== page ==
In February, Best Western International plans to launch a destination-driven campaign as executives feel the bellhops have accomplished their goal: to remake the chain's image from a dowdy, off-highway stop into a full-service chain with city and resort options.
The marketer will double its media spending to $20 million annually each of the next three years, according to Wayne Wielgus, VP-worldwide marketing and sales. Best Western hotels are independently owned and operated; owners approved the increase earlier this fall.
The 2000 campaign will be primarily TV, but also include some print and local radio elements. Details are to be unveiled to hotel owners at Best Western's international conference this week; specific creative is yet to be determined.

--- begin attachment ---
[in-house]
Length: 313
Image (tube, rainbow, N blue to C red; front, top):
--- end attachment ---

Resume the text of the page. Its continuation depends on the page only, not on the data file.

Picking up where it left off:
The soon-to-be-retired, red-suited duo, who made their debut without speaking in a 1997 TV campaign, proved so popular they were developed more fully in later advertising, even introduced by name -- Brian and Walter -- and given speaking parts.
LARGEST LODGING BRAND
In breaking from its service-focused message, the new campaign will focus on what Best Western considers its trump card: location, location, location. The innkeeper has 2,124 properties in the U.S. and more than 3,900 total worldwide, and bills itself as the world's largest lodging brand.
"We're probably the only hotel chain that can say, 'We're part of the travel experience and local culture,' " Mr. Wielgus said, giving a hint about the new approach.
Best Western "wants to be the chain that's in many ways everywhere you want to be," added Tom Hollerbach, president-CEO of its agency BBDO/West, San Francisco and Los Angeles.
Best Western competes in what's loosely defined as the mid-price segment, against such chains as Holiday Inn, Howard Johnson and Ramada Inns.
The new effort will include from three to five spots and targets both business